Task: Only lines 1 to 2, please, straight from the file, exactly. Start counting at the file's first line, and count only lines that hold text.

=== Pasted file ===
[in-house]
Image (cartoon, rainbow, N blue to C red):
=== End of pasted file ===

[in-house]
Image (cartoon, rainbow, N blue to C red):